As Tia Dwyer took on the newly-created position of Chief Operating Officer at Think Together, she knew she would face challenges. Think Together, a nonprofit that supports education reform and support systems in California experienced growth of nearly 40 percent since Tia has been in the COO role. Tia manages 400 sites and 3,000 staff members.
As the COO, Tia works daily with the organization’s founder and CEO. In addition to her other operational responsibilities, the COO role required her to take on the human resources function in addition to other chief/deputy positions who now report to her. Tia’s focus when she accepted the position was to build strong relationships with her colleagues on the executive team. To help maximize these new opportunities, Tia requested an external coach as part of her promotion agreement.
Working with ICF-credentialed coach Cathy Lieberman, ACC, of Chicago, Illinois, United States, Tia was able to significantly evolve her leadership style. Feeling more empowered to make decisions and understand their impact, she has a positive outlook for the future and a plan for moving her team forward.
What led you to partner with a coach?
“I wanted someone who could help me develop as a leader… I could not think of another approach other than an executive coach.”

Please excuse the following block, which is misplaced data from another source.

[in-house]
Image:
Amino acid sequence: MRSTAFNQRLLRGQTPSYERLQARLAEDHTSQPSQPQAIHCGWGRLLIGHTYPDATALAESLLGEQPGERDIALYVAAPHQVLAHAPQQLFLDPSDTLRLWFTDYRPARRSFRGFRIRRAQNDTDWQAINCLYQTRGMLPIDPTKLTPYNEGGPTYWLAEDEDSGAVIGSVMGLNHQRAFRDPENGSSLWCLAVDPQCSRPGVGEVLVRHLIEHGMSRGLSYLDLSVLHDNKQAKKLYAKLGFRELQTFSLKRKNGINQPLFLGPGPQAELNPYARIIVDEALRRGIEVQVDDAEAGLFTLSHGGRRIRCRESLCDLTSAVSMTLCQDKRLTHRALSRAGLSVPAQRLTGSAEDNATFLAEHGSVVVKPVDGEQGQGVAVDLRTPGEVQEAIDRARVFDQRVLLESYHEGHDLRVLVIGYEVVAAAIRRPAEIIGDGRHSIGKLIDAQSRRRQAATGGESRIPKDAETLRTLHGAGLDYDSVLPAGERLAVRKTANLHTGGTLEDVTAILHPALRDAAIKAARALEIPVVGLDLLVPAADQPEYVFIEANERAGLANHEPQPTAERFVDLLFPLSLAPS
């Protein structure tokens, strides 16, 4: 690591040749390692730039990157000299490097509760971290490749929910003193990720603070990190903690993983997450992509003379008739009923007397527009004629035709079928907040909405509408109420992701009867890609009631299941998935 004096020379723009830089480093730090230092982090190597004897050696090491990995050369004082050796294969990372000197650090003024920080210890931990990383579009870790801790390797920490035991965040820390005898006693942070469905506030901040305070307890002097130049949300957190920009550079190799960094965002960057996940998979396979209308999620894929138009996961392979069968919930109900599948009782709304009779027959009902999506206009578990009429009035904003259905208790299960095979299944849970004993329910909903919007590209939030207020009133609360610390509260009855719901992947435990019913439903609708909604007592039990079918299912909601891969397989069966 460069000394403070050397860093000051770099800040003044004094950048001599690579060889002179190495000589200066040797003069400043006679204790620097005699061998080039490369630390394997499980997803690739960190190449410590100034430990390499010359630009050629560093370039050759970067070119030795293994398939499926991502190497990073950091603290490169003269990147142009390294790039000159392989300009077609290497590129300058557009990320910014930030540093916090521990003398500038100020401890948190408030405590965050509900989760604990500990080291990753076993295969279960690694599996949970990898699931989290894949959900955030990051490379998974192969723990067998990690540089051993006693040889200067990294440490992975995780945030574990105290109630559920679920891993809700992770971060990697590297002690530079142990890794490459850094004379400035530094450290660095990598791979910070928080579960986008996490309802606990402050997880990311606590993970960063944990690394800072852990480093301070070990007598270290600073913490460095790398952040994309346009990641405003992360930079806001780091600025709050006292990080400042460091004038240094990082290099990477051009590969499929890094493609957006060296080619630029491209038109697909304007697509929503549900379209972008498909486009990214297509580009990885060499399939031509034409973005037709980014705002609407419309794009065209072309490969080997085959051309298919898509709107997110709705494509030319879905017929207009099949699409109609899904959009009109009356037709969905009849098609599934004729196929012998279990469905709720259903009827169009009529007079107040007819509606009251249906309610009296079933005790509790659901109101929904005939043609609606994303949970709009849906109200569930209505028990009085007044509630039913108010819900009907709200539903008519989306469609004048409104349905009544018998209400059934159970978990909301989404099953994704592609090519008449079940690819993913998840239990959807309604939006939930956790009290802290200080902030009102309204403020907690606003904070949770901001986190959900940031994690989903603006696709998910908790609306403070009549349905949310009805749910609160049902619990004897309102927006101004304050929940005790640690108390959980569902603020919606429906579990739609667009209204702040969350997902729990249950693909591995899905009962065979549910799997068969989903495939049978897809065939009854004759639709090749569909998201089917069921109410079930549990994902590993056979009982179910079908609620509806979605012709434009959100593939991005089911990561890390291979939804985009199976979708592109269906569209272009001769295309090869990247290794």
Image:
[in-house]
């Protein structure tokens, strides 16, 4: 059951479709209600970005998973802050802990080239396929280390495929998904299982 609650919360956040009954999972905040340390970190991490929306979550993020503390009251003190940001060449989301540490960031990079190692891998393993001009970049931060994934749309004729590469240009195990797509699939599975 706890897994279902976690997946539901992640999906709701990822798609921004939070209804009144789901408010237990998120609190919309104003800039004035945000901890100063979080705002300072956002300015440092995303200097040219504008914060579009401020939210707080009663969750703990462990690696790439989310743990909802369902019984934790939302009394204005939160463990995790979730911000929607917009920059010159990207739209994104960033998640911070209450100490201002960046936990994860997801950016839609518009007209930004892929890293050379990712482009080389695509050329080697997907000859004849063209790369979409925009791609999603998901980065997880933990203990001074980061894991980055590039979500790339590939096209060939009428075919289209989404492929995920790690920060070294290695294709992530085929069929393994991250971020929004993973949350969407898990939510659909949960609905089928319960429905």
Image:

The biggest thing was a promotion into a new position that had never existed within my organization, and it was being created under the CEO/founder. That combination of things was a lot to navigate, which is why I requested a coach.
I was trying to create a support net in case I stumbled, but I also wanted to advance my career and my work for this nonprofit that I truly believe in.
I wanted someone who could help me develop as a leader, and I knew that it had to come through an external guide, someone with experience who could help me navigate this new role. I could not think of another approach other than an executive coach.
Tell us about your coaching engagement with Cathy.
From the first time I met Cathy, I felt so comfortable with her, and throughout the year and a half I worked with her, our relationship continued to evolve and deepen. Cathy brought to our conversations a willingness to meet me where I was and build me up at a time when I was stretching and learning my new role.
I had to feel comfortable. I was investing a lot of my time, and my organization was investing money, which is a valuable resource for a nonprofit. For my coaching engagement to succeed, I had to commit to being vulnerable and doing the work. I didn’t want to waste my time, or my organization’s time and resources.
Did you have any specific goals you wanted to achieve with your coach?
I needed help finding ways to draw out of my boss those things he knew intuitively from running the organization over the past 20 years, which would guide me in this new role.
And there were also internal politics with some C-suite members who had been in their positions longer and were accustomed to partnering with the CEO, but now, in addition, had to partner with me in a new way. It was a big shift for everyone
Were there any specific exercises or questions that you found to be particularly useful?